Tunisia | Freedom House

Freedom of the Press



Freedom of the Press 2008

2008 Scores

Press Status

Not Free

Press Freedom Score
(0 = best, 100 = worst)


Political Environment
(0 = best, 40 = worst)


Economic Environment
(0 = best, 30 = worst)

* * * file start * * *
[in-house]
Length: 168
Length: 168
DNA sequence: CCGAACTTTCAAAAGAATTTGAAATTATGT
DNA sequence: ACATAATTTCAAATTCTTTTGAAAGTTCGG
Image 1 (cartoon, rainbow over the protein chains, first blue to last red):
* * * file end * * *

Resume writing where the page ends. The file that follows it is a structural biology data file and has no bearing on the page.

Despite the government’s continued prosecution of critical reporters and its tight control over media outlets, citizens’ access to information improved slightly in 2007 owing to the increased availability of satellite television and growing internet usage. The constitution guarantees freedom of the press except under “conditions laid down by law,” but the government did not respect this right in practice. The Press Law criminalizes defamation, and those who violate the law can be imprisoned and fined; offensive statements about the president carry prison sentences of up to five years. In a move that ended overt censorship, President Zine el-Abidine Ben Ali signed a law in January 2006 abolishing a procedure whereby all printed material had to receive government approval prior to publication. Nevertheless, authorities continue to vet and censor newspapers published locally as well as those coming from outside the country. The responsibility for prior review of all foreign publications and books was transferred from the Ministry of Justice to the Ministry of the Interior in November 2007. Self-censorship among journalists and government interference in distribution following publication remain routine. According to the U.S. State Department, in March 2007, the authorities purchased all copies of the opposition weekly Al-Mawkif to prevent circulation of a photo showing Tunisian and Israeli parliament members participating together in a Euro-Mediterranean parliamentary council meeting in Tunis.